Appropriate times to challenge yourself to harder pieces might be during the offertory, prelude, or postlude, if your church incorporates those. It’s important to use the talents that God gave us to the best of our ability; however, sometimes playing our best means playing with simplicity, sincerity, and a sensitivity to the plans of the worship leader, the needs of the congregation, and the guidance of the Holy Spirit.
2. Work on your technique.
Your piano teacher was right – practicing scales really does improve your piano playing. I also love to just grab a hymnbook and practice sight-reading or work at transposing those hymns into other keys. Even if your congregation doesn’t sing many hymns, they are a goldmine of treasures if you want to improve your use of harmonizations, sight reading, and fingering. A few minutes of concentrated effort each day can make a big difference in technique. If you need more ideas, it never hurts to take a few lessons with a professional piano teacher or search YouTube for clips on piano techniques. Find some fresh inspiration in other musical styles or artists and try it out. Challenge yourself to memorize your part to allow you to play more freely during the worship music.
3. Worship in public and private.
Personal worship (prayer, Bible reading, praising God) is critical to connecting with God during times of corporate worship. If you really want to improve your worship playing, spend time alone with God in private worship. Incorporate playing for God when you are all alone – not as practice, but just as worship. Your prep time – when you are practicing, preparing your music, rehearsing with the team, are also acts of worship. Being well-prepared musically, even if you are capable of sighting-reading the music, will help you be able to praise God even more during the worship service. Prep, done well, is an act of worship all by itself even if the work you do never makes it to the service (for example, if the worship leader needs to cut a song at the last minute). If you do these things well, you will be more able to participate in corporate worship in the moment. However, there are always times where the ‘feeling’ of worship might be superseded by the work of the worship service. Corporate worship never has to ‘feel’ spiritual on our end to be an act of worship that ultimately glorifies God. Giving private times of worship top priority in your life will help you feel fulfilled and connected to God through your musical acts of service, your times of preparation and practice, and your corporate worship piano playing.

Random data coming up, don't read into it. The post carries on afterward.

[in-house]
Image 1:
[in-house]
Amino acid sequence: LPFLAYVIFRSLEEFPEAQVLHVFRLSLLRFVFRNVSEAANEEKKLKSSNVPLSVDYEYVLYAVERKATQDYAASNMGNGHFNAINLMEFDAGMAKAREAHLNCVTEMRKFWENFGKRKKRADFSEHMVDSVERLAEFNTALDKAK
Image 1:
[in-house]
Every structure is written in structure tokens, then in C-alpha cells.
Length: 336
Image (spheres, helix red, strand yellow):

Amanda is a toddler-chasing, coffee drinking, fashion boot-wearing, Fit-bit addicted, Jesus-loving, wife and mom to 5 small children. She spends her free time absorbed in fashion and tattoos, watching Pirates of the Caribbean, Googling, attempting clean eating, all while spreading autism awareness, encouraging adoption and foster care, championing the underdog, and of course, juicing.
Amanda serves the local church as a licensed American Baptist pastor, free-lance writer, and church musician. She holds a Master of Divinity from Liberty Baptist Theological Seminary, a Bachelor of Arts in Church Music from Eastern University, and a cosmetology license from Metro Beauty Academy. Her favorite places to be are the local zoo, the church piano bench, Facebook, and anywhere her family is.